Confused? You're not alone. An example should help.
Say you're an investor and you want to see how two companies are faring against each other on the market. You could type in "IBM versus Apple" and Wolfram|Alpha will generate graphs and tables to compare the stocks over time. It also give you the Web-based sources used to generate the data, so you know where the numbers are coming from.
The site also solves equations and shows the steps it took to do so, which will be of interest to high school students and math majors. Not into number crunching? If you live near the coast, you could type in "tides in ____" and find charts of tidal and lunar information. You could also graph that against other cities, which would be cool if you're a surfer.
The site is also interesting for academic queries. Type in "Internet users in Africa" and you'll get the total number of Web users there - 51 million - as well as lists of the number of users by country plus graphs of this information. If you're in the fisheries business, or if you're an environmentalist, you could type in "fish produced in Italy versus France" to get an idea of how that sector is faring. The answer includes specifics, like how much of the fish crop was farmed versus what was captured. Such data could be used to argue policy points or to debate whether or not certain industries are sustainable.
But it's worth noting that all of the above searches were pulled out as examples in a press video released by the site's founder, Stephen Wolfram, who also was the creator of Mathematica. CNN obtained a test version of the site before its official release, and other searches that seem like they would work often didn't when I tried them.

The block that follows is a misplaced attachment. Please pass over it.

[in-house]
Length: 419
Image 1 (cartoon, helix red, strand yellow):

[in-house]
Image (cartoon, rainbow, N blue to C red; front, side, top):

I recently wrote a story about people who travel to dangerous parts of the world, so I searched for "countries with highest crime rates" and got no answer from the site. I tried a few variations and nothing seemed to work. "Country homicide rates" provided me to a link for the definition of a homicide, but that was about it.
CNET, a CNN partner site, experienced similar troubles when it tested Wolfram|Alpha. In a video, CNET says about two-thirds of its test searches didn't turn up useful information.
A writer for Harvardbusiness.org says Google is easier to use and Wikipedia is more powerful in the sense that it allows users to improve upon the site:
In a recent blog post, Google also says it has added a public-data search function.
Still, it sounds like people are mostly excited about Wolfram|Alpha - in part because the project's aim is just so lofty. In a press-release video, Wolfram says the site aims to "compute whatever can be computed about the world."
Read more from the site's blog.
Are you a gadgethead? Do you spend hours a day online? Or are you just curious about how technology impacts your life? In this digital age, it's increasingly important to be fluent, or at least familiar, with the big tech trends. From gadgets to Google, smartphones to social media, this blog will help keep you informed.